Mary Cohen reviews I, Tonya.

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Possibly the coolest film of 2017, I, Tonya, with its multiple narratives, ironic soundtrack and pace of a speeding bullet, felt more like a Goodfellas sequel than a sports biopic. You won’t need to know anything about ice skating to enjoy this film. A triple axel may mean nothing to you either, but you’ll be no less awestruck when you see one.

The biggest screen on the South Coast was heaving with laughter throughout, but the tongue-in-cheek, “irony free” tone of the film was spliced with domestic abuse. When the film ended, another audience member commented on the excessive violence.

“Violence?” It took me a minute. It became so normalised I had barely registered its constant presence. Late in the film, Tonya points the finger at the audience and tells us, “You are all my aggressors,” and maybe this was true. Realising how thoroughly I had enjoyed a film with abuse at its core left me slightly sick, but mesmerised by the sleight of hand that had pulled it off.

Lead actress and producer, Margot Robbie, explained, “There were a million ways to do this wrong and only one way to do it right.” Numerous directors were interviewed before Craig Gillespie was entrusted to navigate the delicate balance of drama and comedy outlined in the script without succumbing to exploitation. The decision to break the fourth wall and put everyone’s version of events onscreen helps distance the extreme violence behind a cloud of hearsay and irony that feels more High Fidelity than Nil by Mouth. “This never happened,” Tonya tells the camera while reloading her rifle. “This next part is not true,” ex-husband, Jeff, assures us before battering Tonya.

There really was only one way to tell this story - it needed no embellishment. Tonya Harding gained worldwide notoriety when she was deemed culpable for the brutal assault on a fellow competitor in 1994, but this was just the crescendo in an already cinematic life. A natural skater at four years old, Tonya was an unbelievable talent, handicapped by her inability to meet the aesthetic requirements of a high class sporting world of $5,000 costumes and wholesome families. Her coach complains that, “She looks like she chops wood every morning.” Her mother retorts, “She does chop wood every morning!”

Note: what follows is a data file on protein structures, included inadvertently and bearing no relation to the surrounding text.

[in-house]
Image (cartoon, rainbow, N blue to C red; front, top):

Exploding with incredible characters and events (and I mean that in a literal sense – many of these seem hardly credible) it’s easy to assume this story of a disgraced figure skater was sensationalised for the big screen. In fact, much of the film is surprisingly accurate. Archive footage of the real people and events displayed in the end credits show that even the most ridiculous characters were depicted faithfully and many bizarre lines of dialogue had been quoted ad verbatim.

Virtually everything, from Tonya’s outlandish choices of performance music to her dramatic shoelace incident at the Olympic Games, is evidenced with real footage of the events. As Tonya’s coach says again and again to the camera, “She really did this.” Much of this really happened. It’s up to the audience to decide whose version they believe.

Sorry you missed it? Don’t miss another one. Check out No. 6 Cinema’s March-April programme.

Mary Cohen


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